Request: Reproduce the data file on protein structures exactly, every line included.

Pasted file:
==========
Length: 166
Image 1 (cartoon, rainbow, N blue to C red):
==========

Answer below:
Length: 166
Image 1 (cartoon, rainbow, N blue to C red):